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News yesterday was that the Kagiso PMI – a measure of manufacturing activity – rebounded strongly in July, surprising consensus economists substantially in its strength. The index rebounded from 48.2 in June to 51 in July. Consensus was looking for a decline of the index to 47.5 points. New sales orders rebounded strongly from 46.5 to 52.2. Overall business activity climbed from 47 to 50.8. The employment component was unchanged on the month, while input prices continued to trend lower.
So what does this mean in context of the overall economy?
With the PMI bouncing strongly above 50 again, and with the cumulative trade deficit for h1 2012 coming in 20 times larger than last year at over R50 billion, and with retail sales still growing at levels above 6% y/y, and with manufacturing growth still above 4% y/y, and with the CPI inflation rate still a full percentage point higher than the top of the mid-point of the SARB’s target range, how can the Reserve Bank justify cutting the repurchase interest again in a bid to ‘stimulate’ or ‘support’ economic growth.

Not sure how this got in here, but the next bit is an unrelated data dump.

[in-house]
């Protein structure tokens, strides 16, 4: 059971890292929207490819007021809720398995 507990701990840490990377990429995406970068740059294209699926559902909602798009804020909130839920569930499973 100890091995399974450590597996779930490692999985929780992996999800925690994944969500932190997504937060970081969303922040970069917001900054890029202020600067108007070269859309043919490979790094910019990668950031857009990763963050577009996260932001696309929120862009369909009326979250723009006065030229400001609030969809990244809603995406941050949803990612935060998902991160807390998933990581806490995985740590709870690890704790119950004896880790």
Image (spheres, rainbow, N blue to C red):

This is why I suspect the Reserve Bank is lowering interest rates for other reasons.
Here’s what the additional interest rate cut by the Reserve Bank means: It means that coupled with ongoing strong money capital inflows to SA, the Reserve Bank will fuel another major cyclical credit and hence, business cycle boom in the next 5 to 10 years. This view is being reflected in the equity market, with industrials and the listed property sector well into record high territory, and financials not far behind. These are the sectors that lead in the early phase of the business cycle upswing.
If the Reserve Bank continues down this path of lowering interest rates, aping other global central banks, they are going to destabilize the South African economy in the same way that the Greek, Spanish, and Italian economies are destabilized today.
UPDATE: Following this post, Naamsa vehicle sales data was released that showed total vehicle sales climbed 18.3% y/y in July, up from 15.6% in June. Consensus economists expected a decline in the growth rate of vehicle sales to 14.2% y/y in July, getting it completely wrong again. Like I said, despite all the data on the Reserve Bank’s fingertips, the SARB did not see the developing strength in these numbers, and never mentioned it once at the last MPC. By cutting interest rates again, the Reserve Bank will just fuel the building imbalances in this economy.